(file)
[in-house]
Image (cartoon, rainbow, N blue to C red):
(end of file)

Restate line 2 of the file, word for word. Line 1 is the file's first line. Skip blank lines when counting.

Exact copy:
Image (cartoon, rainbow, N blue to C red):